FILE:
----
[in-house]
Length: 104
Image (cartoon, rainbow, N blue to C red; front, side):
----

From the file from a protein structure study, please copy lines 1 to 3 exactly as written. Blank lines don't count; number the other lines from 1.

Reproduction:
[in-house]
Length: 104
Image (cartoon, rainbow, N blue to C red; front, side):